Seldon Blog


Open Access Government: Ensuring artificial intelligence is humane and regulated

Alejandro Saucedo, Member of the European Commission’s High Level Expert Group Reserve List on AI and Engineering Director at Seldon, argues that to ensure artificial intelligence is humane, it must be regulated

Artificial intelligence (AI) is set to bring about both transformational change and cost savings in virtually every sector. In fact, the improvements in productivity and innovation unlocked by AI are currently unleashing a “Fourth Industrial Revolution”, which PwC estimates will contribute over $15.7 trillion to the global economy and add at least 9.9% to Northern Europe’s GDP by 2030.

However, if our society doesn’t implement this technology properly, AI threatens to unleash a plethora of social injustices. The EU doesn’t currently have specific standards or legislative instruments to regulate the development and implementation of AI so as to help prevent it from being a source of injustice. In the coming years, I believe we need to see legislation — similar in scope to GDPR — come into play in this field.

The risks of AI

Despite the massive potential upsides, there are reasonable and legitimate fears regarding the widespread adoption of AI. The use of AI by bad faith actors raises a host of risks for personal and organisational cybersecurity, and AI’s use in predicting individual decisions raises a swathe of privacy concerns. We also know that the job displacement AI will bring to some industries may threaten livelihoods, let alone the less discussed mental health challenges that AI will bring.

More insidiously, improper practices with AI can lead to it perpetuating undesirable biases in society. The data that AI systems are “trained” with by data scientists and developers have a direct effect on the findings and decisions they output, meaning that feeding an AI model biased data can lead to it making socially unjust decisions. For example, many predictive policing AIs across the U.S. have been “trained” with falsified data that biases their decision-making against ethnic minorities. This is highly problematic and highlights the importance of training AI models with carefully-assessed and representative data.

Further, there is the risk that individuals and organisations can delegate decision-making entirely to AI systems, which reduces accountability and increases ambiguity. This is dangerous, as decisions made by AI models can influence major decisions, such as if a person receives a loan, gets hired for a job, or comes under suspicion by law enforcement.

To illustrate this problem, consider the case of a person who is wrongfully arrested on the basis of an AI model’s conclusions – who is responsible? Is it the individual policeman who acted on the AI’s predictions, or the whole department for not having a human-in-the-loop structure to vet their AI properly, or the compliance officer who signed the model off, or the developer who first deployed the AI model? This all shows that if improperly handled, the complexity of AI opens up a bureaucratic nightmare that’s rigged against those who may seek restitution or justice.

AI experts have the tools to tackle the risks

Regardless of how well we can automate processes with AI capabilities, any accountable structure will ultimately require humans at its core. Based on this, developers, data scientists and AI specialists have a professional responsibility throughout the development, deployment and operation of AI systems. Whether it is about mitigating undesired biases, ensuring AI processes remain accountable, or guaranteeing privacy by design in machine learning systems, there’s much that those who develop and operate AI models can do.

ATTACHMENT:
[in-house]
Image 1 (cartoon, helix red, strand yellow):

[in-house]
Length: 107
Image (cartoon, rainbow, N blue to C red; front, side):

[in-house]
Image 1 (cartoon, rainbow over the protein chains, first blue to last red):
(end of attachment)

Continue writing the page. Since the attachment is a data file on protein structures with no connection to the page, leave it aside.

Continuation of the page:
For mitigating bias, we can be more rigorous with our training data, ensuring that it’s properly representative of the real world by leveraging data science best practices together with domain knowledge, thus reducing the risk of our models making unjust and discriminatory decisions. We can also bring in subject experts in the areas we’re applying models in, ensuring that they subject the model to rigorous assessments of its decision-making abilities in their field throughout development.

In turn, we can also take steps to make models more interpretable. We can spend more time and resources, leveraging explainability tools and processes to introduce explainability into models and AI systems, so they are more understandable to laypeople. This way, the teams using the models know exactly why they’re making a decision and can decide whether the logic is valid. We can introduce humans into helping AIs make their decisions, so there’s always a human agent who shoulders responsibility if something goes wrong.

To make AI humane, regulation is essential

However, for the above to be implemented, we cannot realistically expect data scientists and developers to do it alone. Complex ethical decisions that impact people’s lives cannot just rest on the shoulders of a single developer or data scientist. Companies often tend towards short-run profitability over decisions that would benefit society in the long-run, and making AI humane means putting additional time and resources into an activity that doesn’t immediately generate revenue.

That’s why we need a regulatory environment for AI, and both policymakers and developers need to be proactive and engage in interdisciplinary collaboration to ensure it can be efficiently created. If done well, good regulation that compels organisations to adopt these best practices for AI development and deployment can be a catalyst for innovation, since the additional confidence and stability in the industry will encourage investment and new roles across the field.


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